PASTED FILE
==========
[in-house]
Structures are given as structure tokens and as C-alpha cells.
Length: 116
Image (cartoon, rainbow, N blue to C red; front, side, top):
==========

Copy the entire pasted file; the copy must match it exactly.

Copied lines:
[in-house]
Structures are given as structure tokens and as C-alpha cells.
Length: 116
Image (cartoon, rainbow, N blue to C red; front, side, top):